An Exercise In Inspiration; Gospel aerobics help participants sweat off the pounds while bulking up their bond with god


Margaret-Ann Howie is warming up the congregation.

"We magnify him!" Howie bends low from the waist and swings her arms up, then side to side.

"We laud him!" She slides to the left.

"We honor him!" She slides to the right.

"Amen!" the congregation is with her all the way. They mimic her moves, perfectly in beat with the pumping music.

On this gloriously warm evening, a group of women have come together in praise of the Lord. They are here to worship Him. They are here to glorify Him. They are here to burn off fat and whip their bodies into shape.

This is no church. Their "sanctuary" is the Signature Women's Fitness Center gym in Westview Mall. And this gospel aerobics class is their workout/prayer hour. Gospel aerobics classes have been around for some time. But perhaps not quite like this.

This is gospel aerobics with just as much emphasis on gospel as aerobics. Come to think of it, maybe it is church, at least for a few hours during the week.

"We think gospel aerobics is almost a misnomer," Howie says. "Anyone can put on gospel songs and bounce around."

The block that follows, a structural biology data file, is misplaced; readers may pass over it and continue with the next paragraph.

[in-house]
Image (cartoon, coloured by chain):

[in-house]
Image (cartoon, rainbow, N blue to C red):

Howie does play gospel music. And sometimes she plays music with no gospel theme. But Howie's congregation always receives a healthy dose of good, old-fashioned "praise the Lord" hallelujah preaching along with the high-energy, fat-burning routines.

It goes over well.

"The combination of gospel and aerobics is really good," says Jacqueline Lee, 37, who was taking the class for the first time. Lee, a home health aide, found out about gospel aerobics through a notice in the bulletin at her church, New Psalmist Baptist.

She will be back.

Howie and Cyndi Williams lead the gospel aerobic workouts on Tuesday evenings at the health club and are both members of New Psalmist Baptist Church where they also teach classes. They know how to fire up a crowd.

Howie, 36, works as a lawyer in her 9-to-5 life. But on gospel aerobics nights, lawyering duties are set aside and the certified aerobics instructor comes out in full bloom.

"You're looking good!" she encourages the women in her class. "Does God blow your mind? Yeah!"

Williams, 41, is an information systems director with a background in dance.

"Endurance, intensity, love and discipline" are common themes for the workouts, Williams says. "Love of God, love of self, love of others. We want to be able to work out, praise God and pray openly without it being an issue," she says.

Howie also comes to each class with a particular religious theme in mind.

"I like stories, bible stories. People can relate to that," she says. "I also like concepts. Like prayer or 'acts,' which means adoration, confession, thanksgiving and supplication.

"As folks are going through the movement, they are able to use their entire being, not just their physical being, to pray. We think it's important to integrate the person's faith with the person's physical awareness, spiritual and mind awareness," she says.

The warm-up

Back at a recent workout, Howie's concepts for this class are "endurance and praise."